by Stephanie Hertzenberg
How many of us have already “failed” at our New Year’s resolutions? Did you promise to lose weight, but binged on the box of Krispy Kremes in the break room? Did you decide to save money, only to go buy a new smartphone? Or are you like me, and were determined to get your house cleaned up, only to realize that clutter in the corner has simply been relocated to the closet floor?
If you’re one of us that has already “failed,” you are in good company. According to a recent study by the Statistic Brain Research Institute, less than 10 percent of people feel they managed to achieve their New Year’s Resolution. In fact, many of us make the same resolution every year, only for “failing” to become a tradition in its own right.
Notice the quotes around the word failed.
The reality is, having those donuts doesn’t mean you have no hope of losing weight this year and failing to really clean up that mess doesn’t mean you are going to spend 2017 hopelessly unorganized. It means you need to be patient.
The top three New Year’s resolutions for 2017 are: lose weight or eat healthier, self-improvement and better financial decisions. All of these are commendable changes, but they are also big changes that won’t happen overnight. Instead, you have to be patient with your progress. You won’t be a gym guru by the end of February and you won’t have defeated your social anxiety in six weeks. It takes months to form a habit, and you are going to “fail.” When you do, to borrow my mom’s favorite phrase, give yourself some grace. Accept you had a bad day or made a mistake. Then move on.
If you ate too many donuts, use that mistake as motivation to make sure you get to the gym tomorrow. If you bought that smartphone, stay in on Friday night instead of going to a movie. Adjust where you can, forgive yourself and try again tomorrow.
Part of the best way to do that is to focus on making progress, instead of worrying about doing it perfectly. No one turns their life around overnight. Don’t let one mistake, one stumbling block, take you out of the race entirely. More than 40 percent of people give up on their New Year’s resolutions in the first month. Don’t do that to yourself. Don’t decide because you weren’t perfect, you shouldn’t even bother to keep trying.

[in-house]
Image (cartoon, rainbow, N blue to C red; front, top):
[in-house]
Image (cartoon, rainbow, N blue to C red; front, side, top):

In fact, most of life’s problems simply can’t be handled perfectly. They also can’t be handled without patience.
As our population ages, many people are dealing with aging parents and know patience is key to dealing with the sudden role reversal. Others are facing the challenges new parenthood or young children bring and must rely on their patience to get through the inevitable, and creative, adventures each day brings. Still others are facing the trials that come with PTSD and mental trauma, and must attempt to be patient as they face the long struggle ahead. No one can expect to be perfect when faced with the hardships life can bring. Instead, we must focus on the progress we have made when we seem to falter and “fail.”
Cartoonist Stephen McCranie once said “the master has failed more times than the beginner has even tried.” Don’t abandon your determination to make a positive change in your life just because you “failed” on the first try. Focus on the fact you never used to go to the gym and now you go twice a week. Remember you are buying bargain brands instead of brand names and how much money that has saved you. Be proud of your progress. Be patient with yourself. Leave perfection in the past.
Stephanie Hertzenberg, a year-long intern with Valley Living, served as editor for this issue of the magazine. She also works part-time for the Shine children’s Sunday school curriculum and interns at WMRA.